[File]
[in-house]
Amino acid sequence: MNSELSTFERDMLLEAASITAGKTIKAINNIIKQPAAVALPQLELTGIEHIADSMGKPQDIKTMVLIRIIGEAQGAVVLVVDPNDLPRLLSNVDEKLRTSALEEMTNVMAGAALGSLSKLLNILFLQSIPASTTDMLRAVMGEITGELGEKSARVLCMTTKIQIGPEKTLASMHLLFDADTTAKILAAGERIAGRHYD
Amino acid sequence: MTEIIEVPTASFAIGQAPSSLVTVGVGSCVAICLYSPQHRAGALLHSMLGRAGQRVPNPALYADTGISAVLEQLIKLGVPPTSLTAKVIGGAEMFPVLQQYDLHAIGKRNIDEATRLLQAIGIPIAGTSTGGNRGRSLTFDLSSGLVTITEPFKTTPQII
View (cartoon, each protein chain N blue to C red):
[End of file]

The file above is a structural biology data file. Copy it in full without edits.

[in-house]
Amino acid sequence: MNSELSTFERDMLLEAASITAGKTIKAINNIIKQPAAVALPQLELTGIEHIADSMGKPQDIKTMVLIRIIGEAQGAVVLVVDPNDLPRLLSNVDEKLRTSALEEMTNVMAGAALGSLSKLLNILFLQSIPASTTDMLRAVMGEITGELGEKSARVLCMTTKIQIGPEKTLASMHLLFDADTTAKILAAGERIAGRHYD
Amino acid sequence: MTEIIEVPTASFAIGQAPSSLVTVGVGSCVAICLYSPQHRAGALLHSMLGRAGQRVPNPALYADTGISAVLEQLIKLGVPPTSLTAKVIGGAEMFPVLQQYDLHAIGKRNIDEATRLLQAIGIPIAGTSTGGNRGRSLTFDLSSGLVTITEPFKTTPQII
View (cartoon, each protein chain N blue to C red):